• Combat Casting – getting a +4 bonus to rolls to cast spells on the defensive, or while grappling or pinned, is also easy: Skill Emphasis/Concentration Specialized (for double effect)/only to cast spells on the defensive or while grappling or pinned. (3 CP).
  • Innate Enchantment: Eldritch Blade (unlimited use-activated, level one at caster level one, 2000 GP. Causes a weapon to act as a channel for magical energy: the wielder may release any single available touch-based spell with a casting time of one standard action or less into the blade as a free action that does not provoke an attack of opportunity, such a spell will affect any creature struck by the blade during the attack or attack sequence, but will then be discharaged even if it would normally last for more than one round) (3 CP and – in theory – 80 XP if anyone wants to worry about that). Normally Innate Enchantment has a 6 CP minimum, but we can certainly take it as “Specialized; only provides half the base enchantment value” if anyone objects. Flexibility is the point of Eclipse after all.
  • Reflex Training/Extra Actions Variant, Specialized in Spellcasting for double effect (six extra actions per day) and Corrupted for reduced cost (extra actions only become available at one per every full five levels) (4 CP). Since this doesn’t provoke an Attack of Opprotunity, we’ll also need Evasive (When casting a spell with an extra action, an Uncommon Action, 3 CP).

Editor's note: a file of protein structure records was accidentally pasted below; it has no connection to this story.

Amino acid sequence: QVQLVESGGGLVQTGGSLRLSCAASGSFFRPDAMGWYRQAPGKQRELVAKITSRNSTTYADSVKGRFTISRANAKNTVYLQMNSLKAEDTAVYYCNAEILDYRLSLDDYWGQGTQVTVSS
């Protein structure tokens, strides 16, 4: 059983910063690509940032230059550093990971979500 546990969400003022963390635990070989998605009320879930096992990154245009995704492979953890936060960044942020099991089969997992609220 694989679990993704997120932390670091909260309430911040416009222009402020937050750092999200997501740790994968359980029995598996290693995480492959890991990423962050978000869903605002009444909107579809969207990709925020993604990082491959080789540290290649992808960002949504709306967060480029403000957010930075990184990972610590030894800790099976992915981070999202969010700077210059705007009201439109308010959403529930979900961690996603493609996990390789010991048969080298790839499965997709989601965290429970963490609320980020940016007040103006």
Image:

• +2 Caster Levels: Specialized/only to overcome spell resistance, Corrupted/only works on an opponent you’ve injured with a melee attack in the current encounter. By shuffling around the Corrupted and Specialized modifers on this, you can get anything from +2 for 4 CP (all used to reduce cost) to +3 for 6 CP (one Caster Level with Doubled Effect on a specialization), +4 for 8 CP (one Caster Level with Doubled and 1.5x Effect for instead of reduced cost or both with doubled effect for the specilization and reduced cost for the corruption), +5 for 10 CP, and +6 for 12 CP. For this build, we’ll need a total of +5 at level 18, for 10 CP.

   Those special abilities cost 33 CP, or 35 CP if whoever’s running the game doesn’t let us get away with Corrupting the “Smooth” modifier on the armor proficiency. It looks like we will need that level of Fast Learner, although it doesn’t have to be specialized in anything. Interestingly enough, given that level of Fast Learner, the point cost comes out exactly right. That’s rather interesting considering that Eclipse came out a year before the Players Handbook II. It’s always nice to have beaten out the official books.

   Of course, this character isn’t quite identical to the Duskblade: this character gets +3 Cantrips, -1L1, -1L2, and -1L3 spells, and +1L4 Spell per day (although this can be made up with one level of Specialist at 6 CP/one Feat – or by the fact that this character gets to triple any bonus spells for high Intelligence), but gets to know a few more spells at every level. They’ll also get to pick the five cantrips that go with their Occult Talent rather than having a predetermined list – and if they want to, they’ll be able to spend bonus Feats buying more spell slots by buying more instances of the Adept spell progression quite easily. They can also skimp a bit on BAB to buy more special abilities, spend a bonus Feat to hype up their ability to penetrate magic resistance, buy some Healing Touch, or exploit any of the other options to modify or alter their abilities in point buy.

   Finally, the development will be a little different: Eclipse characters aren’t so front-loaded as basic d20 characters; that’s the price of being able to customize things so extensively.